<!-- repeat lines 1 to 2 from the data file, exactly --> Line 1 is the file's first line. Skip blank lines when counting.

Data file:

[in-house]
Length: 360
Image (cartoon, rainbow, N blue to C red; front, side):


[in-house]
Length: 360